By Ian Pannell
BBC News, Washington
If 2004 was a foreign policy year in the almanac of US politics, 2005 is likely to see attention focus on more home-grown issues.
On 20 January George W Bush will be inaugurated for a second term in office. Four more years as chief executive, commander-in-chief and president of the US.
The inauguration will be presided over by the ailing chief justice of the US Supreme Court. Eighty-year-old William Rehnquist is receiving treatment for thyroid cancer.
Bush will take his second oath of office in January
With more than a little indecent haste Washington is already abuzz with speculation about his successor.
Having spent barely a nanosecond pausing for breath after the election, conservatives and liberals have resumed hostilities over this issue.
The left is worried the president will try to pack the Supreme Court with anti-abortion stooges. The right is worried that judicial appointments will be blocked and are accusing the left of a "tyranny of the minority".
I have a sneaking suspicion that the real moral (and silent) majority are not fretting about this over their turkey sandwiches this holiday season, but that won't extinguish hot collars in Washington or prevent lurid headlines around the country.
The story that the election of 2004 was decided by "social issues" may be fallacious but it is one that endures. Expect to hear more about red and blue states, the religious right and atheist left, gay marriages, abortion and other hardy perennials of the culture-wars school of journalism in 2005.
In truth there really are more pressing issues on the political horizon and the White House intends to spend all of its newly acquired capital pushing an aggressive domestic agenda.
The US hopes to be able to bring some troops home in 2005
Top of the list will be the creation of private Social Security accounts for younger workers.
With the imminent retirement of the baby-boom generation, the pension and disability scheme is hurtling towards financial ruin. Very soon there will be more money being drawn from the scheme than there is being put into it.
Hence the idea of trying to generate new funds by allowing workers to siphon off some of their contributions to private (and ideally lucrative) accounts.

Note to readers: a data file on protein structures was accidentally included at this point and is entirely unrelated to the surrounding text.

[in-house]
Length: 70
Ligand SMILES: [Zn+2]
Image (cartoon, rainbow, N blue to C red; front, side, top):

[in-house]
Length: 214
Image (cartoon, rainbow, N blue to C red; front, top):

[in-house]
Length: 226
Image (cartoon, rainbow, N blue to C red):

The issue is known as the third rail in US politics - touch it and you die. A little dramatic perhaps, but don't forget Mr Bush did promise reform four years ago and his plans got nowhere.
Elsewhere, there are proposals to simplify the tax code, limit the size and number of lawsuits, change immigration laws and reduce the mammoth federal deficit.
Although Mr Bush's party presides over majorities in both houses of Congress there are already signs that they plan to be rather less obeisant than they have been.
When you consider that Capitol Hill tongues are already wagging about who's in and who's out for 2008 (that's right, the 2008 election) then you realise the president will have to move with some alacrity.
He will also need a lot of luck and hard work to keep his eye on his domestic agenda.
With 150,000 troops in Iraq, a war on terror to fight, ongoing difficulties with Iran and North Korea and a Middle East peace process to revive, it is safe to conclude that foreign affairs will never be far from West Wing briefings.
Rice may bring the State Department in line with Defence
There are the first glimmers of tentative optimism in Washington that the conclusion of elections in Iraq will herald a more stable period. US military and diplomatic leaders have begun to even dare to hope that troop numbers may start to fall in 2005.
Perhaps. One thing is for sure, the American foreign policy team can be expected to be more harmonious this year.
With the arrival of Bush friend and confidante, Condoleezza Rice, in Foggy Bottom, the Departments of State and Defence may actually sing from the same hymn sheet for the first time in four years.
A final thought to the vanquished (the Democrats that is, not the Baathists). In reality the party has at best one year to regroup before starting the groundwork for the 2006 mid-term elections. Already the soul searching is under way.
The Democrats must decide if they will follow Howard Dean
The party will spend much of the next few months debating whether it should swing to the left or the right, don tie-dye and Birkenstocks or sack-cloth and ashes - should they excommunicate or elect failed presidential candidate Howard Dean as the party's new chairman?
No shortage of political questions and (hopefully) some answers in 2005.
It should be a less tumultuous year but election junkies need not despair - there's always the race to succeed President Bartlet to quicken the pulse... and if you have read this far and don't watch the TV series The West Wing I am, frankly, disappointed in you.
"Well, you see, the New Hampshire primaries are about to begin and Alan Alda has just announced that he is going to..."
But who wants to spoil the surprises of the New Year?